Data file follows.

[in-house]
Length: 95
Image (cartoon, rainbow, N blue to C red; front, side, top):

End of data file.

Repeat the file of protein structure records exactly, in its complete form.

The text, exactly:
[in-house]
Length: 95
Image (cartoon, rainbow, N blue to C red; front, side, top):